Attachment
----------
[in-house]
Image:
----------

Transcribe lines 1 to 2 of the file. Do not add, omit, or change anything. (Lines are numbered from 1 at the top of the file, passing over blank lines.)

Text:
[in-house]
Image: